That’s why the FBI didn’t make the final call on investigating Major Hasan. That decision was “out-sourced” to the Defense Criminal Investigative Service (DCIS), a branch of the Defense Department Inspector General’s office. While counter-terrorism is one of the missions of the DCIS, the agency spends most of its time dealing with contractor fraud and illegal transfers of defense technology.

By comparison, the FBI bills itself as the nation’s “front line” on terrorism. The bureau has established a huge counter-terrorism division and maintains joint terrorism task forces in more than one hundred U.S. cities. According to its own website, FBI agents have played a leading role in foiling past plots against both civilian and military targets across the country.

Lawyers might argue about jurisdictional issues (afterall, Hasan was a military officer), but if the FBI was so inclined, it could have retained authority over the case, or passed it to the Army’s Criminal Investigation Command (CIC). Like its counterparts in the Navy and Air Force, the CIC is charged with handling counter-terrorism cases within the ranks. But, the service says it was never contacted by the FBI regarding suspicions about Hasan, and the CIC never investigated his activities. Instead, a disinterested bureaucrat at the DCIS took a cursory look, and decided to close the case.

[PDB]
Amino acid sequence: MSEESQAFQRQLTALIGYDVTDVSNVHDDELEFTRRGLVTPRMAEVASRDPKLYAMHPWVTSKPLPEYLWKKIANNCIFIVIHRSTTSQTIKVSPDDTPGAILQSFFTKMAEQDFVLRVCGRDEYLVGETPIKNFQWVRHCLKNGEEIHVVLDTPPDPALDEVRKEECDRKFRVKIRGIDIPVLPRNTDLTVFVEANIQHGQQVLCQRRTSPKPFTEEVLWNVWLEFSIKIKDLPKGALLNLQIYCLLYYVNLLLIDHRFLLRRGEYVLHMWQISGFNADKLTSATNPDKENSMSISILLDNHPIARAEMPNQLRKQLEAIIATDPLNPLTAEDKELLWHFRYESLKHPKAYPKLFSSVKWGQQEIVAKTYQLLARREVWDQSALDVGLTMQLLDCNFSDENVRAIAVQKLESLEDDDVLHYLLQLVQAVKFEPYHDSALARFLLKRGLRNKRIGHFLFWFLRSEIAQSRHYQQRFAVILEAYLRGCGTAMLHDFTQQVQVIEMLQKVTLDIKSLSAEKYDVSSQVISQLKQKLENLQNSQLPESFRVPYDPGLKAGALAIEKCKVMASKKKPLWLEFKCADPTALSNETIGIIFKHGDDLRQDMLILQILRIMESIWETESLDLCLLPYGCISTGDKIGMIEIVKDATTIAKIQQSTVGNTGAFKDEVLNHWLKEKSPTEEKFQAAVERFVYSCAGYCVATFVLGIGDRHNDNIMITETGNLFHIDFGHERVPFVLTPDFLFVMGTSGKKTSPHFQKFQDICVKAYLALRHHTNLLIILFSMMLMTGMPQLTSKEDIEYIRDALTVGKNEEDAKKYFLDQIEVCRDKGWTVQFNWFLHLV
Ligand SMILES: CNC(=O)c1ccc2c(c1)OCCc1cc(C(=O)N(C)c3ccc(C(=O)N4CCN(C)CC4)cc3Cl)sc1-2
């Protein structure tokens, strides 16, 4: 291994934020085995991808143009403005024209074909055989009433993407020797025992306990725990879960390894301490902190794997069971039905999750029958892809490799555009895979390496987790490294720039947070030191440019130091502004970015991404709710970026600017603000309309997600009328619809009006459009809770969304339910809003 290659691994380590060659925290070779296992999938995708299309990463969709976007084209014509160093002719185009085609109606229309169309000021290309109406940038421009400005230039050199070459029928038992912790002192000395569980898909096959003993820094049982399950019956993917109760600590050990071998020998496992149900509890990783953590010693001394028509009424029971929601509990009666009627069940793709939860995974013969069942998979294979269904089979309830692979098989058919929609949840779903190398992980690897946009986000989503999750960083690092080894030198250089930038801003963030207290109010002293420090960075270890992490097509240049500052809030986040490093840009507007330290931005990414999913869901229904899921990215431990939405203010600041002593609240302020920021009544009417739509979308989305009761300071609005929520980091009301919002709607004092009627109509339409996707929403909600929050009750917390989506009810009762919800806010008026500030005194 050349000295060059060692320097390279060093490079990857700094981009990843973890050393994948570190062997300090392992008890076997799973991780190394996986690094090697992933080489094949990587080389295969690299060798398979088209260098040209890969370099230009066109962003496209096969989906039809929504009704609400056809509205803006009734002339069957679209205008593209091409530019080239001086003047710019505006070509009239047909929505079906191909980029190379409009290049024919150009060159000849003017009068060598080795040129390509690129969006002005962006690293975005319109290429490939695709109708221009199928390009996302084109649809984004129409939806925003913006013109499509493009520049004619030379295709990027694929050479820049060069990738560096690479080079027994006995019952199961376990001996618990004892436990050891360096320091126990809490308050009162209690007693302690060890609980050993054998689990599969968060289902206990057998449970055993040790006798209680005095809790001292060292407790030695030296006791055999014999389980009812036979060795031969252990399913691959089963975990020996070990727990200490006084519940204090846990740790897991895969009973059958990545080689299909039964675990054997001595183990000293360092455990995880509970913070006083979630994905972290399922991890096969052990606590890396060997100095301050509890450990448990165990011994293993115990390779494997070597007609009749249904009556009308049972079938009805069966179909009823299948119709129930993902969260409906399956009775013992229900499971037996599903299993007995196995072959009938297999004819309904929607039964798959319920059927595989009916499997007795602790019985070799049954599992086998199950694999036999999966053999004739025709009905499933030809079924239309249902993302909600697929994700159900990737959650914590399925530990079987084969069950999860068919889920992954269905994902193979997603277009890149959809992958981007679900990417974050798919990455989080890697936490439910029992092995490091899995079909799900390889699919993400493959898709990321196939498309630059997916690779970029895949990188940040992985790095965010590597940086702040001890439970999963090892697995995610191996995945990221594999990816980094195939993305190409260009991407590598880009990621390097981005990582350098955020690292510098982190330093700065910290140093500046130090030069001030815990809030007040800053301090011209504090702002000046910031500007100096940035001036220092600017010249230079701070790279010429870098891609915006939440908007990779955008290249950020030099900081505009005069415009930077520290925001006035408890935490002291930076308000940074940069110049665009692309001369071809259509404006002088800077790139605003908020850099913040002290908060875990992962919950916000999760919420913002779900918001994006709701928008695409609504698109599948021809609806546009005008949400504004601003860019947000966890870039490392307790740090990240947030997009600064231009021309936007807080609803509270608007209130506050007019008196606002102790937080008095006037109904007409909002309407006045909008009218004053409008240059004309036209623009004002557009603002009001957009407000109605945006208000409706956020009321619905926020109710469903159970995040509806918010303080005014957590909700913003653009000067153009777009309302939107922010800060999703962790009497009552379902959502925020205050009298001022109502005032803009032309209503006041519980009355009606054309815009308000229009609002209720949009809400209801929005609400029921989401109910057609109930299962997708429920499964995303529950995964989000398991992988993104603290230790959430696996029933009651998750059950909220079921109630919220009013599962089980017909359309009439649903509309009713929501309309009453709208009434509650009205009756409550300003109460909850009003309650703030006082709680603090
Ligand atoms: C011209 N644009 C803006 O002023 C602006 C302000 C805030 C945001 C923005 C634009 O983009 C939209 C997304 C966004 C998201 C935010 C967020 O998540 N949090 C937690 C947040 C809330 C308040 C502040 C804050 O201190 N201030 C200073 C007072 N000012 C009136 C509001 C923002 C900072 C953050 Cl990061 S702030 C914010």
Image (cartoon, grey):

That’s rather stunning, when you consider the latest revelations about Major Hasan. According to the Dallas Morning News, there are indications that Hasan may have wired money to individuals in Pakistan in recent months, raising new concerns about his ties to terrorists. Michigan Congressman Pete Hoekstra, the ranking Republican on the House Intelligence Committee told the paper that “sources outside the intelligence community” learned about Hasan’s ties to Pakistan, which in his words, “raise a whole other level of questions” about the Army psychiatrist and events that led to last week’s shooting spree. If these sources can develop that information in a matter of days, we wonder what the FBI and/or DCIS might have uncovered, had they conducted a full investigation of Major Hasan.